The 10 Largest Sailing Yachts In The World - The Cursed Yacht

Post by: Dee White
26 May 2015

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If you really want to make a statement, go faster, have luxurious comfort, more guests, more toys and make people jealous – then bigger is better. But would you believe that number 10 on my list of largest sailing yachts was launched way back in 1927?

We start with –

10. Creole – 214ft – launched 1927 in Gosport

3 masted schooner, built by Camper & Nicholson in the UK and designed by Charles E. Nicholson. Max speed 14.5 knots. Accomodation for 8 guests and 16 crew.

The largest wooden sailing boat in the world is now owned by the Gucci family and has had a varied history of racing, luxury, public service, not to mention intrigue. The numerous accidents which have dogged her and her owners have given her the reputation of being cursed. She was the dream of Alexander Smith Cochran, an American, known as “the richest bachelor in New York”, but by the time she was launched, Cochran was suffering badly from tuberculosis and was too ill to break the champagne on her prow. He enlisted the help of a friend, but three attempts had to be made before the bottle would break – a bad omen indeed.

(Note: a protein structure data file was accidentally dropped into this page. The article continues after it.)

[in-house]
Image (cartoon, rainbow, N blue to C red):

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Cochran then misguidedly made several “improvements” to his yacht, involving shortening the sails and changing the keel, which made the boat roll uncomfortably. It was nothing like the beautiful sailing yacht that the designer intended and it soon lost its appeal for Cochran. After his death her new owner used her for day trips around the Solent and as a ferry to the Isle of Wight. Then in 1937 Sir Connop Guthrie restored her back to her former glory and she was able to fly as her designer had intended, winning many regattas around the British Isles.

Misfortune struck for Creole when war declared in 1939 and she was drafted into service as a humble mine-hunter. She was stripped ignominiously of her interior and masts and continued to deteriorate until she was bought, in 1948, by Stavros Niarchos, the billionaire Greek shipping tycoon, who saw her potential and lovingly restored her to her former glory. Tragedy then struck again when Niarchos’s first wife was found dead from an overdose and his next wife died in a similar way. He lost interest in the boat and decided to sell her to the Danish government in 1977. She was used as a training vessel by Danish school children and was then employed in the rehabilitation of young drug addicts. Once again the hard use and abuse the boat was given caused her to deteriorate, but in 1983 the worn, neglected vessel caught the eye of the couturier Maurizio Gucci, who had the imagination to see how some tender, loving care could transform her. Spending a vast fortune over 6 years, Gucci restored Creole inside and out until she was once again one of the most beautiful sailing yachts in the world.

It seemed as if her luck had turned, but misfortune struck yet again in 1995 when Maurizio Gucci was brutally murdered by his own wife. Many believed that “the curse” was to blame. Ownership then passed to Gucci’s daughters but they rarely sailed the boat. Perhaps they prefered their smaller 60ft or maybe they too believe that the Creole is cursed.

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Author - Dee White

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